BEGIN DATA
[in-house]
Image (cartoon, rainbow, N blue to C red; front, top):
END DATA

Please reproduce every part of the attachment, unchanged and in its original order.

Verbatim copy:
[in-house]
Image (cartoon, rainbow, N blue to C red; front, top):